Queens residents are suing the MTA for failing to protect them from peeling lead paint on the elevated tracks of the 7 line, which they say rains down on pedestrians, property and businesses below, according to a lawsuit filed Monday.

Plaintiffs of the class action lawsuit include Jackson Heights residents and their children, a day care chain owner, and the owner of the neighborhood’s popular gay club, Club Evolution, according to Kate Foran, the attorney representing the group.

One plaintiff, Dudley Stewart, lives 500 feet from the elevated track on 80th Street in Jackson Heights and fears for the safety of his two children, ages 12 and 8, Foran said.

“His kids are there all the time,” she said. “It’s a scary situation.”

The first elevated structures on the Flushing line were built before June 1915 and were painted with lead-based paint, according to the complaint. And the tracks have been poorly maintained ever since, it adds.

“Copious amounts of peeling lead-based paint, rust, structural wear and pigeon droppings are visible to, and falling on pedestrians and property under and adjacent to the train trestle,” the complaint against the Metropolitan Transportation Authority reads.

“Exposure to lead and lead-based paint at even vanishingly small quantities has the capacity to inflict severe harm on human beings generally. That is especially true for young children, pregnant women and those who are exposed in utero.”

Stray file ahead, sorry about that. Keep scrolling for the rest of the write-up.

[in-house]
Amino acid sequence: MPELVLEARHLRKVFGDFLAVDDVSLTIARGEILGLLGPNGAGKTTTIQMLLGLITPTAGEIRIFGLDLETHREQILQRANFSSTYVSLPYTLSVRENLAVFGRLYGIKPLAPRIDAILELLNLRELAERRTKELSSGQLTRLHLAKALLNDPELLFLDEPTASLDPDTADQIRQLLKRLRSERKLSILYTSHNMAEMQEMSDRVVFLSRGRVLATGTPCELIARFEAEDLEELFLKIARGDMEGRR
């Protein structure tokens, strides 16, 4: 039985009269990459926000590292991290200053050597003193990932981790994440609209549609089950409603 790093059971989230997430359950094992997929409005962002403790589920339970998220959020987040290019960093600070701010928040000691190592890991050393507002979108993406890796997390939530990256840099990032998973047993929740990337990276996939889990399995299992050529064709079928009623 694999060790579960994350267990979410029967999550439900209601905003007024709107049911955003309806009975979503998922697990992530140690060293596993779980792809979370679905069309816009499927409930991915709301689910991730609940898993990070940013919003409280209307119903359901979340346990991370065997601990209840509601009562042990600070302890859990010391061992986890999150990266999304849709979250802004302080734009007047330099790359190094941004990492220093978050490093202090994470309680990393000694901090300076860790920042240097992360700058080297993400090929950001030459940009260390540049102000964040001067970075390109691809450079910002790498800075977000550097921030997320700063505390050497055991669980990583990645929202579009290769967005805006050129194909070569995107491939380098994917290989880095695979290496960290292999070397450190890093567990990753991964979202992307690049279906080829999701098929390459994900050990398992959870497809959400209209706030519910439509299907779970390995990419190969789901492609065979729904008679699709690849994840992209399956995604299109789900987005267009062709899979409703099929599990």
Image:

Tammy Rose, another plaintiff, runs several day care centers in Jackson Heights and Sunnyside that are located directly under or 100 feet away from the elevated tracks, according to Foran.

“A lot of the kids who go there are exposed to the tracks as they’re going to school,” Foran said.

Club Evolution owner and longtime Jackson Heights representative Eduardo Valentine is also named in the suit.

None of the plaintiffs is claiming physical injury from the toxins, but are worried about potential health impacts from continued exposure, according to Foran.

“It’s not for injury or money damages, although we believe if you’re exposed to lead, it does injure you,” Foran said. “The only thing we’re seeking is for the MTA to repair the tracks, just those damages.”

Lead paint was used in homes and buildings before 1978 when use of lead-based paint was outlawed, according to the New York State Department of Health.

It can enter the body by breathing in dust from lead paint or by ingesting lead chips including via water or food that has been exposed to lead, the agency said.

Children poisoned by lead can suffer lifelong consequences, and even a small amount can impact a child’s development and cause serious health problems, including learning disabilities and reduced attention span, according to the DOH.

The lawsuit claims that there are a number of schools, houses of worship, parks, nursery schools and grocers selling produce on the streets under the 7 line’s elevated tracks.

“In addition, as these elevated structures cover crowded and busy thoroughfares, each day many individuals, including small children, and pregnant women are obliged to walk to or pass directly underneath the elevated structures in order to cross the street or use the subway,” the complaint says.

The MTA did not immediately respond to a request for comment.